N.H. Bans Hand-Held Electronics Behind The Wheel, Reflecting Nationwide Proliferation Of “Distracted Driving” Laws
[October 9, 2014] Businesses whose employees drive in New Hampshire may be liable for accidents resulting from texting with, talking on, and otherwise using hand-held electronic devices behind the wheel. This is the upshot of a new state law, House Bill 1360, which expands New Hampshire’s prohibition on texting while driving to cover virtually all non-emergency uses of a hand-held electronic device. The new law goes into effect July 1, 2015.
This development reflects a dramatic recent rise in “distracted driving” laws in New England and elsewhere. For instance, forty-three states and the District of Columbia now ban texting while driving, and twelve states and the District of Columbia now prohibit all drivers from using hand-held cell phones. For employers, this means that potential vicarious liability for distracted driving accidents exists on essentially a nationwide basis.
In light of this risk, employers should take stock of the distracted driving laws in the states where they do business and ensure that their policies and actual practices strictly prohibit all unlawful uses of electronic devices while driving on company time (and while engaging in company business, such as conference calls, while commuting or otherwise driving outside of normal business hours).
House Bill 1360
The New Hampshire law prohibits the use of any hand-held mobile device while driving or temporarily halted in traffic. “Use” is defined broadly and includes, but is not limited to: “reading, composing, viewing, or posting any electronic message; or initiating, receiving, or conducting a conversation; or initiating a command or request to access the Internet; or inputting information into a global positioning system or navigation device; or manually typing data into any other portable electronic device.”
Under the law, adult drivers are permitted to (i) use a hand-held device to call 911, a law enforcement agency, a fire department, or an emergency medical provider; (ii) use one hand to transmit or receive messages on any non-cellular two-way radio; and (iii) use hands-free devices while driving, “provided the driver does not have to divert his or her attention from the road ahead.” Minors, however, are prohibited from any use of a cell phone while driving, even hands-free, except to call 911.
Violators will be fined $100 plus penalty assessment for a first offense; $250 plus penalty assessment for a second offense; and $500 plus penalty assessment for any subsequent offense within a 24-month period. Minors violating the statute also will be subject to license suspension or revocation.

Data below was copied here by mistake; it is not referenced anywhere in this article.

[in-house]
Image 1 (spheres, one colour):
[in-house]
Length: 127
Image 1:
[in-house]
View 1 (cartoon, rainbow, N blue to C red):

Liability Risks For Employers
Significantly, the risks of such laws for employers and their employees far exceed the relatively modest fines that may be assessed for violations. In most, if not all, states, when a person violates a statute without an adequate excuse and causes the harm that the statute was created to prevent, the violation is considered to be “negligence per se.” Thus, when violations of distracted driving laws result in accidents causing personal injury or property damage, the driver could be held automatically liable if the injured party sues.
This, in turn, means that when the driver’s violation involved using the electronic device for work-related purposes, the employer may be vicariously liable for the resulting harm. To illustrate, vicarious liability could arise from accidents occurring when the employee was engaged in a work-related conference call while commuting to the office; typing an address into a navigation device while making a delivery; or text messaging with a manager, co-worker, or client while driving to a company function.
In lawsuits seeking to hold employers vicariously liable, the defense ideally would be able to show that the employer had policies against the offending conduct; provided employee-drivers with adequate notice of the policies and corresponding training; and strictly enforced the policies as a matter of practice. Even with such safeguards, though, evidence that an employer “turned a blind eye” to distracted driving could be difficult to overcome, heightening the need for training and compliance at all levels of the organization.
Recommendations For Employers
In light of the nationwide emergence of distracted driving laws, and the potential for vicarious liability when violations result in traffic accidents, we recommend that employers operating in New Hampshire and elsewhere:
- Review the distracted driving laws in the states where they operate to gain a clear understanding of what is and what is not permissible;
- Review and, as necessary, revise company policies to ensure compliance with all such applicable laws;
- Provide employees with notice and periodic training in the appropriate – and prohibited – uses of cell phones, navigation devices, and other electronic devices while on the road;
- Implement measures to strictly and consistently enforce these policies to ensure that they reflect actual company practice; and
- Continue to monitor developments in this area of the law and, in turn, to update policies and practices as necessary.
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Please contact us if you have any questions about the distracted driving laws of New Hampshire or any other state. We regularly counsel employers on such matters and would welcome the opportunity to assist you.